Zosha Di Castri is a Canadian composer/pianist living in New York. Her work (which has been performed in Canada, the US, South America, Asia, and Europe) extends beyond purely concert music, including projects with electronics, sound arts, and collaborations with video and dance. She recently completed a commission for the National Arts Center Orchestra of Canada writing Dear Life, a 25-minute work for orchestra, soprano, and recorded narrator, based on a short story by Alice Munro. Other large-scale projects include an evening-length new music theatre piece, Phonobellow (co-written with David Adamcyk) for the International Contemporary Ensemble (ICE) with performances in New York and Montreal in 2015. Phonobellow features five musicians, a large kinetic sound sculpture, electronics, and video in a reflection on the influence of photography and phonography on human perception.
Her orchestral compositions have been commissioned by John Adams, the San Francisco Symphony, New World Symphony, and Esprit Orchestra, and have been featured by the Montreal Symphony Orchestra, Tokyo Sinfonietta, Amazonas Philharmonic, Toronto Symphony Orchestra, and the Cabrillo Festival Orchestra, among others. Zosha has made appearances with the Chicago Symphony, the L.A. Philharmonic, the New York Philharmonic and the San Francisco Contemporary Music Players in their chamber music series, and has worked with many leading new music groups including Talea Ensemble, Wet Ink, Ekmeles, Yarn/Wire, the NEM, and JACK Quartet. She was the recipient of the Jules Léger Prize for New Chamber Music for her work Cortège in 2012, and participated in Ircam's Manifeste Festival in Paris, writing an interactive electronic work for Thomas Hauert's dance company, ZOO.
Other recent projects include a string quartet for the Banff International String Quartet Competition, a piece for Yarn/Wire for two pianists, two percussionists and electronics premiered at her Miller Theatre portrait concert, a solo piano work for Julia Den Boer commissioned by the Yvar Mikhashoff Trust Fund, and a piano/violin duo with Jenny Koh. This summer, Di Castri’s new string octet was premiered by JACK Quartet and Parker Quartet at the Banff Centre. Upcoming projects include a commission for the Orchestre symphonique de Montréal conducted by Kent Nagano, a chamber work with electronics for Ensemble Cairn in Paris, and a Koussevitzky commission from the Library of Congress for Steve Schick and ICE.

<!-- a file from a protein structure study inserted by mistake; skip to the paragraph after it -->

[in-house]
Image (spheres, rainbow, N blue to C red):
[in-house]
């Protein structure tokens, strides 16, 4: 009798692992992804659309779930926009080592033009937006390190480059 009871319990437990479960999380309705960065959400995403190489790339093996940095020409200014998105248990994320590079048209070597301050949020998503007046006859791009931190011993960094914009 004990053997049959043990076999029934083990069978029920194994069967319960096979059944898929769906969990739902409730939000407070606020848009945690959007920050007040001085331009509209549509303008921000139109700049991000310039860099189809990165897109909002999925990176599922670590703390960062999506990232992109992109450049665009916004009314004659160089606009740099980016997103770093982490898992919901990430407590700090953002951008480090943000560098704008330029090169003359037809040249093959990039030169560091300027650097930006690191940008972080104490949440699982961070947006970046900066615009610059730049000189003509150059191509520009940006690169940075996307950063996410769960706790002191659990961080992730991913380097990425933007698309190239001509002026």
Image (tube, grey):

Zosha completed her bachelors of music in piano performance and composition at McGill University, and has a doctorate from Columbia University in composition. She is currently the Francis Goelet Assistant Professor of Music at Columbia, and will spend 2018-19 as a fellow at the Institute for Ideas and Imagination in Paris.
Zosha Di Castri is a Canadian composer/pianist living in New York. Her work (which has been performed in Canada, the US, South America, Asia, and Europe) extends beyond purely concert music including projects with electronics, sound arts, and collaborations with video and dance. She has worked with such ensembles as the San Francisco Symphony, Montreal Symphony Orchestra, the National Arts Centre Orchestra, the L.A. Philharmonic, the Chicago Symphony Orchestra, the New York Philharmonic, ICE, Wet Ink, Ekmeles, JACK Quartet, Yarn/Wire, the NEM, and Talea Ensemble, among others. Zosha is currently the Francis Goelet Assistant Professor of Music at Columbia University.
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BIOS FOR PROGRAMS
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